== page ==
- PepsiCo's Frito-Lay division is introducing a compostable bag for its Off The Eaten Path brand, the company said in a statement.
- The bags, which are available at Whole Foods Market and other select retailers starting this month, are primarily made from non-food, plant-based sources.
- Frito-Lay said the new packaging will help the company achieve its goal of designing 100% of its packaging to be recyclable, compostable, biodegradable or reusable across its portfolio by 2025. The bags are the latest packaging to be introduced by food and beverage makers to curtail waste.
As shoppers place a greater importance on not only the contents of products they consume but also the brand's impact on the environment, CPGs of all sizes have taken notice.
While promises to use less water, more renewable energy sources or to invest in regenerative agricultural practices are popular, they are often removed from the everyday consumer who can't see or experience them. A bag provides the individual with a tangible object, illustrating that a food maker is actually following through on its commitment.
The Off The Eaten Path brand has been touted by Frito-Lay as a better-for-you offering that contains veggies like peas, chickpeas or black beans the shopper can actually see. The new packaging takes a similar approach.
A study conducted during the pandemic by Schorr Packaging found 58% of consumers said they were likely or very likely to purchase food products in packaging that clearly states it is reusable or recyclable. In a separate report, Kearney said the number of consumers who take the environment into consideration when buying food has been on the rise, especially during COVID-19.
Frito-Lay said consumers can sign up with recycling company TerraCycle to either mail in the packaging using the provided prepaid shipping label, or locate a local composting drop-off location. While commendable, it remains to be seen how many time-starved consumers will take this extra step. One factor that could attract consumers is that the materials used for these bags creates about 60% lower greenhouse gas emissions than traditional packaging, according to the company.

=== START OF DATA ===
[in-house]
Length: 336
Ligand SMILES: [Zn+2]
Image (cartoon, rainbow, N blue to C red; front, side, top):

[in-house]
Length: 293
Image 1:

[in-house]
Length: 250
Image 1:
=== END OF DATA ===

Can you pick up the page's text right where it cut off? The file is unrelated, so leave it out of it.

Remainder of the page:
PepsiCo is no stranger to compostable bags. In 2010, Frito-Lay rebranded Sun Chips by placing them in a new, high-tech package that was said to be 100% compostable. The bags, however, were loud when they were opened, prompting consumer complaints and a drop in sales. The company pulled the bags and later rolled out quieter packaging.
If the Off The Eaten Path bag is a success, PepsiCo could inevitably bring the packaging to some of its higher-profile brands such as Fritos, Doritos and Cheetos. The company also said it would license the technology to other companies at no cost to further its use across the CPG industry.
The new bag is the latest in a series of packaging rolled out during the last year by food and beverage makers that can be reused.
General Mills' Nature Valley Crunchy granola bars introduced a fully recyclable plastic wrapper last spring, a first for the category. Mars Wrigley has partnered with Danimer Scientific to create biodegradable wrappers for Skittles. The candy company expects the new wrappers to be on shelves in late 2021 or early 2022.
And Danone's Evian water brand unveiled last week new packaging that allows all types of PET waste, including material taken from things like gym bags or flip flops, to be turned into plastic bottles.